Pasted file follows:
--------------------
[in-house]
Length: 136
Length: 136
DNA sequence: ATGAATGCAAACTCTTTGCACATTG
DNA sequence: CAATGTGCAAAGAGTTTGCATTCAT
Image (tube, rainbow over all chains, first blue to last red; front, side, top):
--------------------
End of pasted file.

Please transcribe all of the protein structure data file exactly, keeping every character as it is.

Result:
[in-house]
Length: 136
Length: 136
DNA sequence: ATGAATGCAAACTCTTTGCACATTG
DNA sequence: CAATGTGCAAAGAGTTTGCATTCAT
Image (tube, rainbow over all chains, first blue to last red; front, side, top):